Tag Archives: mercy

Titus: Physical vs. Spiritual

Standard

titus-bkgd

Titus 3:3-8 – For (F)we ourselves were once foolish, disobedient, led astray, slaves to various passions and pleasures, passing our days in malice and envy, hated by others and hating one another.But when (G)the goodness and loving kindness of God our Savior appeared, he saved us, (H)not because of works done by us in righteousness, but (I)according to his own mercy, by (J)the washing of regeneration and (K)renewal of the Holy Spirit, whom he (L)poured out on us richly through Jesus Christ our Savior,so that (M)being justified by his grace we might become (N)heirs (O)according to the hope of eternal life. The saying is (P)trustworthy, and I want you to insist on these things, so that those who have believed in God may be careful (Q)to devote themselves to good works. These things are excellent and profitable for people.

Paul offers a nice contrast again, following on the heels of the last section of Scripture. In the last lesson, we learned that he wanted the believers to be submissive to authorities and to be ready for good works, displaying their faith in the crooked Cretan world. In this passage he reminds them that they (including himself) too were once depraved and enslaved to their passions. Perhaps this was his way of encouraging them so that they could see their new identity and not despair or be discouraged about their former life or habits. 2 Cor 5:17 tells us that we are a new creation. We were slaves to sin, now we belong to Christ. In Eph 2:1-3 Paul also writes about the believer’s former life. We used to be “children of wrath,” and we were dead in our sins. We lived out the passions of our flesh and carried out the desires of our body. It’s just not a pretty sight, folks. But there’s always good news right around the corner.

“But when the goodness and loving kindness of God our Savior appeared…” There’s that appeared word again (epiphaneo). God’s goodness and love broke through as the light of dawn. And when our Savior appeared, He saved us. Hallelujah, what a Savior!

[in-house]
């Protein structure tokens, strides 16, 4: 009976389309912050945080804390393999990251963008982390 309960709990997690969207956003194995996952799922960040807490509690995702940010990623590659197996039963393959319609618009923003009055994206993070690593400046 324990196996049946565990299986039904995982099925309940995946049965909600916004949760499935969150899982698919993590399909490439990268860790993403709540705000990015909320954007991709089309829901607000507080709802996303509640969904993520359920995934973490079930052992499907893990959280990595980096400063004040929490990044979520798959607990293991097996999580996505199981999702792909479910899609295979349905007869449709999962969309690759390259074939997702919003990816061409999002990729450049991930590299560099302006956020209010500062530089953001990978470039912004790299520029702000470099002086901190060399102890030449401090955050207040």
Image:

To be certain that no one forgets what their role in salvation is, Paul writes that God saved us not because of works that we do, but He saved us in His mercy. This echoes his teaching in Eph 2:8-9 – it is by grace we have been saved through faith (not of ourselves). As if this weren’t great news already, God also uses the Holy Spirit to regenerate and renew us. Regeneration is basically new birth (after all, we were dead in sins and we needed to be made alive again). This Spirit has been poured out on us richly through Christ. I don’t know about you, but the image of the Spirit being poured out sounds abundant, and then he adds the word richly, which just accentuates the lavish abundance even further! The good news just got even better.

As we keep reading, it might feel like we’ve just won the lottery (actually it’s even better than that). First Paul speaks of being justified by His grace. To be justified meant to be pardoned or cleared from guilt; to absolve or acquit from guilt and merited punishment, and to accept as righteous on account of the merits of the Savior or by the application of Christ’s atonement to the offender (Webster’s 1828). What it boils down to is that we get something we didn’t deserve. We get Christ’s righteousness in exchange for our dead, sinful lives. It’s extravagant grace. And it makes no sense.

So God declares us righteous and then raises us as His heirs. Again, this makes no sense! We become children of the King. This is the hope we have, that He has promised us an inheritance of eternal life (See also 1 John 2:25, Heb 6:17-18, 1 Cor 1:22, Eph 4:30, Eph 1:11-14).

He closes with the call to good works again. He presents quite the case for why we should be devoted to good works. It only makes sense given the gravity of all Christ has done for us! They will know we belong to Him by our fruit (good works). The works are simply the evidence of our faith. It reveals our devotion to Him. And these things are excellent (because they bring glory to God) and profitable (because they bring others to God). May we be careful to devote ourselves to good works.